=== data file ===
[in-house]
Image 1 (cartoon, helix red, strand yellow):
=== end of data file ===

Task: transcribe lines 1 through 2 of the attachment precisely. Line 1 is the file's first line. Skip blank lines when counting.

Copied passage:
[in-house]
Image 1 (cartoon, helix red, strand yellow):